Child Survival



Child Protection


Prevention of Mother to Child Transmission

© UNICEF/MOZA/00779/G.Pirozzi

Women living with HIV/AIDS can transmit the virus to their unborn or newborn baby during pregnancy, delivery or through breastfeeding (vertical transmission).

Most of the more than 90,000 Mozambican children under the age of 15 living with HIV/AIDS were infected through vertical transmission. More than half of them die before their first birthday.

In 2005, around 140,000 HIV-positive women will become pregnant in Mozambique. At least 3 in every 10 of them will transmit the virus to their child, if no intervention takes place.

If a pregnant woman living with HIV/AIDS participates in a Prevention of Mother-to-Child Transmission (PMTCT) programme, the risk of transmission can be halved.

Major Activities Supported by UNICEF

The Ministry of Health, with support from UNICEF, set up a Prevention of Mother-to-Children Transmission (PMTCT) programme in 2000. A pregnant woman seeking ante-natal care will go through the following stages:

• Counseling on the risk of vertical HIV/AIDS transmission.
•  If the woman agrees, she will do a first rapid HIV/AIDS test and a second confirmatory test.
• Post-test counselling after results are given, regardless of the outcome. Patients who are positive are referred to a Day Hospital and are encouraged to bring their partners in for testing. They are also advised to practice only safe sex. Women with HIV/AIDS are urged to give birth in a hospital. Women who test negative are also advised to practice only safe sex.
• Safe and hygienic delivery at maternity wards is promoted. Doctors and nurses are encouraged to avoid prolonged labour. For home deliveries, traditional births attendants are being trained to take these precautions.
• A single dose of the anti-retroviral drug Nevirapine is given to the woman at the onset of labour. Babies born in hospitals receive the medicine as a syrup no later than 72 hours after birth.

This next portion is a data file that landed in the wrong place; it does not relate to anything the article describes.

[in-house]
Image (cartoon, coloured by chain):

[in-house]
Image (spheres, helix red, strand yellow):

• After having given birth, HIV-positive mothers are encouraged to join a Positive Mothers Club, which is a counseling and information-sharing group.
• Children participate in a follow-up programme that is part of the normal child health programme. This involves vaccination and growth monitoring. A baby’s HIV status is usually determined at 18 months. If referred to a Day Hospital, children are entitled to free consultations every three months and treatment to prevent opportunistic diseases associated with HIV/AIDS.
• Community organisations provide home-based care services to mothers and children living with HIV/AIDS.

UNICEF has been involved in shaping and expanding the PMTCT programme. 20 out of the current 44 PMTCT sites in the country were established with UNICEF support. These services are located in the provinces with the highest HIV/AIDS prevalence.

Since inception, the PMTCT programme has grown rapidly. More women are coming forward to be tested for HIV/AIDS.  As many women give birth at home, Nevirapine is now given to all women participating in the PMTCT programme during their last counseling session with instructions on how to use it.




 Email this article

unite for children